Three Dollar Gold, 1854-1889

Three Dollar Gold Pieces, 1854-1889

Designed by James B. Longacre, Three-Dollar Gold Pieces were authorized on February 21, 1853, virtually escaping notice when included in a subsidiary silver coinage bill presented to Congress. This coin served little useful purpose, except for redemption at the post office for 100 stamps, and was a generally unpopular coin. Even so, the Three-Dollar Gold Piece was minted for 35 years, usually in limited numbers.

The Three-Dollar gold series is one of the most popular of all gold series to acquire by advanced collectors and investors. This is due in part to the fact that of the 81 issues minted in both Proof and Business strikes, only one coin’s mintage exceeds 100,000 pieces. In fact, 73 coins, or 90%, have an original mintage of less than 10,000 pieces! This relative rarity does not indicate, however, that most of these coins cannot be acquired. To the contrary, most coins are at least available in About Uncirculated condition, with many available in Uncirculated and unimpaired Proof condition.

The Three-Dollar gold piece is also popular with those attempting to acquire a basic example of each gold denomination, such as a twelve-piece gold Type set. An 1874 or 1878 is usually the date an investor purchases typically after has acquired a four-piece Liberty and a four-piece Indian Type set, and has either acquired two or three of the One Dollar Gold pieces.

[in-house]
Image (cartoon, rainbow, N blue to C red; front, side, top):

All Three-Dollar Gold Pieces are scarce, particularly in Mint State. Only slightly more than 500,000 coins of all dates and mintmarks were produced. Particularly rare are the 1854-D, the 1865, the 1870-S, and the proof-only original issues of 1873 and the 1875. There is a confirmed branch mint Proof coin struck at San Francisco in 1855 that is one of the great rarities in the entire U.S. gold series. Finally, only one example of the legendary 1870-S $3 Gold Piece is known today and is permanently impounded in the Bass Research Foundation, although a second specimen was rumored to have been placed in the cornerstone of the old San Francisco Mint.

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